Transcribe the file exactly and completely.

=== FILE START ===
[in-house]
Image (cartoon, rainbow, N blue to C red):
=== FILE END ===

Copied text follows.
[in-house]
Image (cartoon, rainbow, N blue to C red):